In September of this year, the United Nations will aim to finalise the specifics of the Sustainable Development Goals, the proposed successors to the MDGs. The SDGs will purportedly aim to ‘[b]uild upon commitments already made’ by the MDGs, but with an additional focus on implementing ‘action-oriented’ strategies that support long-term, sustainable development.[12] It’s a topic that cannot possibly be explored in an ad- equate level of detail here, and certainly warrants an essay of its own. Perhaps the SDGs will be able to address the shortcomings of the MDGs’ programs and 2030 will be the year we eliminate inequality for good – or at least we’ll be closer to making that dream a reality. Regardless of the apparent naivety of such ambitious targets, the Millennium Development Goals have been necessary because they provide exactly what its name suggests: a goal that we have to continually keep striving for. We’ve needed the MDGs to continually remind us of the promise we’ve made ourselves and the fact that we are determined to keep it.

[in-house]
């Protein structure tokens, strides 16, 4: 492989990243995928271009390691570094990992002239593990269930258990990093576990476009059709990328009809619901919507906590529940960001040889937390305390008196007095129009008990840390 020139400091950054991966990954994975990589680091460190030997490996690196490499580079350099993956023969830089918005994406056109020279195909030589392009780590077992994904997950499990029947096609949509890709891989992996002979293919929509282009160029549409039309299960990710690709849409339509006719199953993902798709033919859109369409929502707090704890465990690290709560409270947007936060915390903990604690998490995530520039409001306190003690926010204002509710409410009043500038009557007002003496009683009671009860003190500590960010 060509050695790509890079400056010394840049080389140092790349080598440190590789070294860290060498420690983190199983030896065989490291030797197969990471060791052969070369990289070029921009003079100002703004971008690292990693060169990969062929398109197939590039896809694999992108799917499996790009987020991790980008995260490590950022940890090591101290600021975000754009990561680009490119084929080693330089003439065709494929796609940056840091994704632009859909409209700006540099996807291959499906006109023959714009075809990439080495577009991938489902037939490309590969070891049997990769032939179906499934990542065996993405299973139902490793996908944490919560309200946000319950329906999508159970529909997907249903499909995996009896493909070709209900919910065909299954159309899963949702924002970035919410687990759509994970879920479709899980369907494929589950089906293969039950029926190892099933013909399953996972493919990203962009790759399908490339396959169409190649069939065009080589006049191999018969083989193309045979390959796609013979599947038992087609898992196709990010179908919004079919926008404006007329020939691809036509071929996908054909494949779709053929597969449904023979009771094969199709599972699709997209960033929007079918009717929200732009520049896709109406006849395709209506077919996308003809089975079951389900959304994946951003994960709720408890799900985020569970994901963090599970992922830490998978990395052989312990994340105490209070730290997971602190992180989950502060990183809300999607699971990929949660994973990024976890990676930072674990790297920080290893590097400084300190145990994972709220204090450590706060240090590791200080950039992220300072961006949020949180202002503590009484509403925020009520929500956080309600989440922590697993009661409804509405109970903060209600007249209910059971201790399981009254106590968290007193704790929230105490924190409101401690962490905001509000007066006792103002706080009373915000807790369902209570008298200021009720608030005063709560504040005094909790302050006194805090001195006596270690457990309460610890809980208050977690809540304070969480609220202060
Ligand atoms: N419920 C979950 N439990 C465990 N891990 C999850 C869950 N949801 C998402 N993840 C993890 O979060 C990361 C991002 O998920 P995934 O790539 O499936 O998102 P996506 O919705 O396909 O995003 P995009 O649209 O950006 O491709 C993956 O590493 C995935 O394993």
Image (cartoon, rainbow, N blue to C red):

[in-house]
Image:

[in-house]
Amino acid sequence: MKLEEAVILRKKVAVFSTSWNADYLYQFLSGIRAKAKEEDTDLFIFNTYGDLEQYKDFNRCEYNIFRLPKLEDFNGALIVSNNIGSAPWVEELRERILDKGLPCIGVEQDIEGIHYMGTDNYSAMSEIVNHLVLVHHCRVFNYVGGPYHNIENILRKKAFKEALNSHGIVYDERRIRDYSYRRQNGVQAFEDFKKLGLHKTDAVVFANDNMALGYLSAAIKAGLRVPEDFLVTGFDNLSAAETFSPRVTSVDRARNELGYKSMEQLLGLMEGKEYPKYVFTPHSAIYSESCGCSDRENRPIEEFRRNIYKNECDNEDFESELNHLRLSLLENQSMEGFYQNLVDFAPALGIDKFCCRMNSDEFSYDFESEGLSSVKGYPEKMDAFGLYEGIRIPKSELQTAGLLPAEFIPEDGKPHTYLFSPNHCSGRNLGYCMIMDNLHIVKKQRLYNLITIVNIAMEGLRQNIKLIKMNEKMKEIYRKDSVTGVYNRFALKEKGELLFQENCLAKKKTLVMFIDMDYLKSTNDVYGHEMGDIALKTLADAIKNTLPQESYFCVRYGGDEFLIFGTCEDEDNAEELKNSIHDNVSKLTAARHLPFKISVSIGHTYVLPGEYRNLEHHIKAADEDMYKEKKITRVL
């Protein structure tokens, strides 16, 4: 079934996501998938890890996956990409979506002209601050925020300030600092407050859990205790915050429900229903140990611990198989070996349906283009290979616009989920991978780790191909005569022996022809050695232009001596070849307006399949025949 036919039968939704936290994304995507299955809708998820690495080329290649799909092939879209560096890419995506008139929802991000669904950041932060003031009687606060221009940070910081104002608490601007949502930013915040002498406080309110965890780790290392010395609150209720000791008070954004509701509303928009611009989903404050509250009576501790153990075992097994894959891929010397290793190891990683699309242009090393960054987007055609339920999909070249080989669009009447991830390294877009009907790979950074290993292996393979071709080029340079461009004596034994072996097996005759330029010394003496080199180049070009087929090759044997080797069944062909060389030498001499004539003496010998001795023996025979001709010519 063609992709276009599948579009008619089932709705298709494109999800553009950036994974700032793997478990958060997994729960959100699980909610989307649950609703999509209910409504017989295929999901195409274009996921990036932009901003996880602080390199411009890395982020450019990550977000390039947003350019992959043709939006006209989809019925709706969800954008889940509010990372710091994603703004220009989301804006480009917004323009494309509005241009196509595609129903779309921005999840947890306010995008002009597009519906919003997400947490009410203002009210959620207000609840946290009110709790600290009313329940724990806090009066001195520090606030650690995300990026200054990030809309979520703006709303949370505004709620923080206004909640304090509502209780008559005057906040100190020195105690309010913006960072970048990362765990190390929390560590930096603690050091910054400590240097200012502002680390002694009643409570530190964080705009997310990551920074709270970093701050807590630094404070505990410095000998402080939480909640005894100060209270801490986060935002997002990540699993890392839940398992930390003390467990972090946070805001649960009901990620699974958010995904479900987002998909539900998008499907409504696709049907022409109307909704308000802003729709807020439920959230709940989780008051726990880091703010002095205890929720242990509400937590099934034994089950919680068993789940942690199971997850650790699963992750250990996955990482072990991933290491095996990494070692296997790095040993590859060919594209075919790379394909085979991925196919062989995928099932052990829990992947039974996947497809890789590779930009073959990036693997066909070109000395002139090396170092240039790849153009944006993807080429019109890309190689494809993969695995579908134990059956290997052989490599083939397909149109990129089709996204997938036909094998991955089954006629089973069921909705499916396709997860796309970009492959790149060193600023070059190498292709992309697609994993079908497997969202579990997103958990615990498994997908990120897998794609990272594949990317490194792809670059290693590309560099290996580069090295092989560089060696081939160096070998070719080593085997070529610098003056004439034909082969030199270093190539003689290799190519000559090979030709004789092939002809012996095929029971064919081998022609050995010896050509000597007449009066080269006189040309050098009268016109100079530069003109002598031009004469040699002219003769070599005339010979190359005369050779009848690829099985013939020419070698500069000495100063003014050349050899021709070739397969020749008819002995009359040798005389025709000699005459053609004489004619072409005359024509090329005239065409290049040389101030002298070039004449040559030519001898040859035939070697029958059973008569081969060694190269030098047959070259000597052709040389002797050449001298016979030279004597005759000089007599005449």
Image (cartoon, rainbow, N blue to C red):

Aaron Kovacs



1. Hulme D. The Millennium Development Goals (MDGs): A Short History of the World’s Biggest Promise [Internet]. Manchester: Brooks World Poverty Institute, University of Manchester; 2009. Available from: http:// bwpi-wp-10009.pdf

2. Mutume G. Industrial countries write off Africa’s debt. United Nations Africa Renewal [Internet]. 2005 Oct [cited 2015 Mar 4]. Available from: tries-write-africas-debt

3. United Nations. The Millennium Development Goals Report 2013. New York: United Nations; 2013. Available from: goals/pdf/report-2013/mdg-report-2013-english.pdf

4. Center for Global Development. MDG Progress Index: Gauging Coun- try-Level Achievements [Internet]. Washington, D.C.: Center for Global Development; 2011 [accessed 2015 Apr 4]. Available from: http://www.

5. United Nations. The Millennium Development Goals Report 2014. New York: United Nations; 2014. Available from: goals/2014%20MDG%20report/MDG%202014%20English%20web.pdf

6. African Development Bank. MDG Report 2014: Assessing Progress in Africa toward the Millennium Development Goals. Addis Ababa: Economic Commission for Africa; 2014. Available from: min/uploads/afdb/Documents/Publications/MDG_Report_2014_11_2014. pdf

7. World Health Organization, UNICEF, UNFPA, The World Bank & United Nations Population Division. Trends in Maternal Mortality: 1990 to 2013. Geneva: WHO Press; 2014. Available from: am/10665/112682/2/9789241507226_eng.pdf